"Let me make something perfectly clear. We do not owe you debt. Debt is not your right. It is a privilege. You should be grateful we even allow you to borrow from us to lever your lavish lifestyles against your future incomes. Right now we're not so comfortable with your prospects for continuing those incomes, so we are simply making some adjustments. Tweaking the system a little. We also don't need to see any demonstration parades coming down Avenue of The Americas whining about how you're hard-done-by, or chanting 'ban the fed' or shaking signs with 'help we're broke.' 

"We are gleefully aware of your lack of familiarity with the term, Saving. It is a term in the English language that refers to economizing or conserving money for the future. Who do you think keeps count? I do. Why? Because tracking details of your habits with microscopic attention enables us to accurately time adjustments in the system. I don't mean adjustment in prime rates, I mean the establishment of regulations that will instill in your minds an impression of our all-knowing prescriptions for everything financial that ails you. 

"This is why we will allow companies to raise interest rates only on new cards and purchases, not on existing balances. I know that you think the interest on the old stuff's already been jacked through the roof, so what difference can this possibly make? True, but when you add to this the restriction on allocation of payments to account balances with lower interest rates, and reducing cross-card-credit-contamination, now we're talking vast implications on the credit system. Huge. This is big for you guys. Really. Well, maybe. Hey, we're doing the best we can here at the Fed, and things are tough everywhere. No one wants to give an inch. That is why we won't be putting caps on interest rate levels charged by card issuers. Sorry. Oh, and by the way, because we just cannot upset our friends, these new rules will not go into effect for at least a year and half. You know how things are. Congress is so laborious. Each one of those crapulous crackpots wants a piece of the pie before agreeing to anything. They think pork-barreling is their right, ... things like that.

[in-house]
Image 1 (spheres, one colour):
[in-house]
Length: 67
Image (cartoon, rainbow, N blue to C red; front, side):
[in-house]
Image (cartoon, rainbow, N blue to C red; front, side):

"In conclusion, I know deep down in my heart that all of you feel a very strong and emotional commitment to repaying your obligations. We are thrilled to know that you will be making your payments on time and that you will atone for your sins, ... umm, that you will extinguish your debt, the principal and the interest. Every penny. Particularly the interest. Yes, make sure you repay the interest. Perhaps I shouldn't harp on the principal so much. 

"We will lend you more as you need it, and the presses, the paper, the ink are churning 24/7 to keep up. Now I must go have lunch with your new leader and explain what I'm doing, again. I wish these guys would just leave me alone, their eyes just glaze over when I talk to them. Merry Christmas, and happy spending. It's good for the economy." 
 James Raider writes The Pacific Gate Post 


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Meanderings through senior executive offices in the corporate worlds of high tech and venture capital, have provided fodder for an inquisitive pen and foraging mind. James Raider writes: